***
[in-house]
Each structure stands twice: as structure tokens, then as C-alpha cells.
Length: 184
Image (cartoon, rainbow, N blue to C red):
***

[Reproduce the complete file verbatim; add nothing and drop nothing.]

[in-house]
Each structure stands twice: as structure tokens, then as C-alpha cells.
Length: 184
Image (cartoon, rainbow, N blue to C red):